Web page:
Happy 50th Birthday, Tom Cruise! What are the Five Definitive Cruise Movies?
Happy birthday, Tom Cruise!
Impossible as this may be to accept, the Energizer Bunny of an actor turns 50 today, Tuesday, July 3. And while the superstar has been in the headlines for tabloid reasons as of late (thanks to an unexpected separation from Katie Holmes), he’s shifting attention back over to his professional career, which shows no signs of slowing down.
A trailer for Cruise’s upcoming Jack Reacher revved its way online today, showing Cruise in action-hero form to play the lead character in an adaptation of Lee Child’s butt-kicking novel. And that’s just scratching the surface of the projects Cruise has on his calendar, from proposed Top Gun and Mission: Impossible sequels to All You Need is Kill with director Doug Liman at the helm.
In honor of Cruise’s birthday, however, we decided to look back over his career instead of ahead to future projects. We sat down with his distinguished resume and tried our best to pick the five films that define Cruise’s career to date. These are the five films you would show to strangers who’d never seen a Cruise film and wanted to understand the hype. They are the five films you can use to defend Cruise whenever someone dismisses him as a couch-hopping kook.
Refining the list is a lot harder than you think. And this holiday weekend, I’d recommend you stop by Cruise’s IMDB page and try to present your own Top Five list. Despite the various public mishaps Cruise has been a part of, he’s an unquestionably gifted actor who has redefined himself countless times over the course of his career.
I think these five films prove that point. I also think they are the definitive Tom Cruise performances. Which five would you choose?
1. Risky Business
The birth of a Movie Star. Cruise literally slid across our radars with his underwear-clad entrance, set to Bob Seger’s rock anthem. But it was the presence, charisma and mega-watt smile he brought to the role of misbehaving teenager Joel that made us actually root for the kid who’d ordered a prostitute, destroyed his parents’ car, managed to get all of their belongings stolen, and nearly squashed his chances at getting into an Ivy League college. Years later, one of Cruise’s earliest roles remains one of his most memorable.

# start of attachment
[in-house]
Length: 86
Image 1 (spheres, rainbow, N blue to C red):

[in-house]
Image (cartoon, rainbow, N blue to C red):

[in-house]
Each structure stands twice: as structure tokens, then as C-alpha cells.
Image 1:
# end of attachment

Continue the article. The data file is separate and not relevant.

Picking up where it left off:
2. Tropic Thunder
Cruise like you’d never seen him before. Coated by a layer of prosthetics, Cruise embraces the grotesque role of deranged Hollywood agent Les Grossman, and steals a comedy away from ridiculously funny talents like Ben Stiller, Jack Black and Robert Downey Jr. in controversial black face. Few would have guessed Cruise could be so funny prior to Tropic. Now that we’ve seen it, we’re wondering why he doesn’t try more comedies. How good was he? Grossman was supposed to be a small (but shocking) part. To this day, rumors still swirl that Paramount wants to do their own Grossman movie. Unbelievable.
3. Rain Man
Rain Man and Born on the Fourth of July (which came out the following year) marked Cruise’s efforts to prove he was more than just the handsome smile twirling bottles in Cocktail or holding his own alongside Paul Newman in the uneven The Color of Money. But I give extra credit to Rain Man because for the first time in his career, Cruise signed on to play a character we actively disliked. And, of course, he excelled at it. Dustin Hoffman might have been Method-acting his way to an Oscar win as the mentally handicapped Raymond. But Charlie Babbitt’s redemption became the defining thread of Rain Man, and Cruise’s omission from the Oscar dance card that year is a tragedy.
Whenever people say Tom Cruise can’t do something, he seems to deliver in spades. When Paul Thomas Anderson suggested the Mission: Impossible and Jerry Maguire star for the role of sexual motivation speaker C.J. Macky, the indie world scoffed. Then they witnessed Cruise once again transform himself into a whirlwind of confidence, arrogance, knowledge and sympathy. It wasn’t always pleasant, but it was a sight to behold … as usual.
5. Mission: Impossible – Ghost Protocol
At least one of these slots has to be reserved for Cruise’s tireless efforts in the action genre. And while Brian De Palma’s initial Mission might be the most respected of the franchise, my vote goes to Brad Bird’s most recent chapter in the story of Ethan Hunt, primarily because Cruise somehow manages to raise the bar on a series that went beyond gonzo when John Woo had him surfing on motorcycles while doves flew overhead. The Burj Khalifa sequence, the sandstorm chase, the Kremlin infiltration, the parking deck battle … Ghost Protocol’s the perfect mixture of storytelling, performance and popcorn thrills. I can’t wait to see a fifth M:I movie, if and when it happens.
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Sean O'ConnellFandango Bloggers
Sean is a film reviewer for The Washington Post and daily contributor to Fandango.